GOP operatives lobbied to free U.S. businessman held for years in Iran

High-level Republican operatives lobbied last year for the release of a U.S. businessman from Iran, according to new lobbying disclosure records.

Profile Strategy Group, a Concord, N.H.-based GOP consulting firm, was hired by Nima Taghavi — son of Reza Taghavi, who was imprisoned in Iran for two and a half years — to lobby for his father's release.

The firm is run by Jamie Burnett, political director for former Massachusetts Gov. Mitt Romney's (R) 2008 New Hampshire presidential primary campaign, along with James Sununu and Michael Sununu. Both Sununus are sons to the former New Hampshire governor and state GOP party chairman, John Sununu.

Accused of helping to fund an alleged terrorist group, Reza Taghavi was freed by Iran’s government in October last year. The consulting firm began to lobby for his release earlier that month, according to records.

Michael Sununu was the only principal of the firm registered to lobby on Taghavi's behalf — specifically “freeing Reza Taghavi from Iran” — according to lobbying disclosure forms filed Jan. 5. The firm was paid $12,000 for its work.

Introduced to Nima Taghavi by way of a mutual friend, the firm was one of several groups working on the effort to free Reza Taghavi, and concentrated on outreach to Capitol Hill, according to a firm principal. It arranged meetings between Nima Taghavi and several members of Congress and their aides so he could brief them on the details of his father’s imprisonment.

Nima Taghavi is the first lobbying client for Profile Strategy Group, which is active in New England Republican politics.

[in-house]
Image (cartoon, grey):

Also working for Reza Taghavi’s release was former U.S. Ambassador Pierre-Richard Prosper, now a partner at law firm Arent Fox, who represented the businessman's family in talks with Iranian officials. From 2001 to 2005, Prosper was the ambassador-at-large who led the State Department’s Office of War Crimes Issues.

According to press reports, Reza Taghavi — an Iranian-American businessman who lives in Los Angeles — was never charged with a crime. Iranian officials reportedly believed he brought money to Iran to help an alleged terrorist group, known as Tondar, which was held responsible for a 2008 mosque bombing that killed 14 people.

Reza Taghavi said he brought about $200 to Iran to help a struggling family as a favor for another Iranian-American. He has denied being part of any terrorist organization.

Reza Taghavi’s release followed soon after Iran freed Sarah Shourd in September.

Shourd was one of three American hikers imprisoned by Iran on espionage charges after allegedly crossing into the country from Iraqi Kurdistan, which they deny. The other two are still being held in Iran.